Growing up and going to school in the South, I spent most of my life in an environment where those around me shared my basic spiritual ideologies and religious faith. While no one’s journey in faith is identical to anyone else’s, I rarely found myself in circumstances in which my beliefs were overtly questioned.
However, as a young Southerner (and recent college grad) moving to the “scary” Northeast, I was nervous. As much as the prospect of accepting a dream job on Broadway delighted me, it raised a lot of questions. I’d spent semesters traveling for a slew of internships, but I’d never lived anywhere but my hometown for longer than six months. How would this move affect my spiritual life? I’d grown up watching entertainers who spoke about their religion or faith facing ridicule in the limelight. Was Broadway going to challenge my own deep-seated faith?
Short answer? Not at all.
I am happy to report that, on the contrary, working in the Broadway community has not only helped to define my own faith but to strengthen it. Here’s how.
I feel a closer connection with God through the powerful music and meaningful plots in Broadway shows.
A couple of years before I moved to New York, I saw the Broadway run of “Amazing Grace”. The show wasn’t a critical success, but for me its soulful message of deliverance hit home. Sitting in the back of the orchestra, I remember Tony nominee Josh Young’s booming vocals as he embodied the former slave trader turned penitent priest who wrote the enduring title hymn. The night ended with the cast leading the whole house in a moving rendition of “Amazing Grace,” uniting an audience from all walks of life and all religious creeds in a moment of peace and forgiveness. It brought me to tears. I didn’t know it at the time, but I’d caught a glimpse of my New York future. I wouldn’t be alone in this city.
And indeed, the city is always offering a spiritually-themed show. On Broadway right now, "Indecent" is asking urgent questions about faith and art, and Show-Score members like me are loving it, giving it a score of 86. Then there's "The Crusade of Connor Stephens," which dives into a religious family that's dealing with the aftermath of violence. It has a score of 79, and I'm eager to see it.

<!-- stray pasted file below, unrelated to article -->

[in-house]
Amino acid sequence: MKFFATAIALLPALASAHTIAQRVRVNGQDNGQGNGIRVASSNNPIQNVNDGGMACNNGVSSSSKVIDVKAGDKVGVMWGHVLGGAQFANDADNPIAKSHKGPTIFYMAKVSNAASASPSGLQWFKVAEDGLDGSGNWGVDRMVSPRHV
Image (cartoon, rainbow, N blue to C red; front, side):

I found a church made up of theater industry professionals.
Once I moved to Manhattan I visited churches in every neighborhood looking for the right fit. I explored the coffee house churches of Union Square and the cathedrals of the Upper West Side. At my seventh church visit, I found a place where I felt doctrinally sound. That would have been enough to convince me, but it got better. I’d unknowingly walked into a congregation of theater pros. In the first few months I encountered a Tony nominee serving communion, a leading lady singing solos, and several ensemble-ists shaking my hand every week. The “worst-case scenario” I’d imagined—defending my faith in a faithless theater community—was a figment of my imagination.
By entering such a competitive industry, I found myself relying on my faith to guide me through tough moments. And I still do today.
A dear friend warned me that my first year in New York—my first year in the theater world—would be the hardest. I laughed her off at the time, but she was absolutely right. In a mere 12 months, I faced layoffs, health scares, the loss of loved ones, and countless days of severe self-doubt. But in the midst of mental and physical challenges, I found myself turning to my guiding spiritual light. I learned to take the lessons taught to me as a girl in Sunday school and apply them to my daily professional life. Through my faith, I have found peace in my tumultuous industry. In the business of Broadway, I have found an amazing spiritual grace.
Does your faith impact your theater going? I’d love to hear how spirituality and the theater intersect in your life. Let’s discuss it in the comments!